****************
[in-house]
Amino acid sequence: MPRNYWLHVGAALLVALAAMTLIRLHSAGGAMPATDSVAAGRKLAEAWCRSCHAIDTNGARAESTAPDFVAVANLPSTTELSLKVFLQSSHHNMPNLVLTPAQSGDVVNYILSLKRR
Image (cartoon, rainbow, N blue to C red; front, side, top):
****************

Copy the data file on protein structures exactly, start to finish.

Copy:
[in-house]
Amino acid sequence: MPRNYWLHVGAALLVALAAMTLIRLHSAGGAMPATDSVAAGRKLAEAWCRSCHAIDTNGARAESTAPDFVAVANLPSTTELSLKVFLQSSHHNMPNLVLTPAQSGDVVNYILSLKRR
Image (cartoon, rainbow, N blue to C red; front, side, top):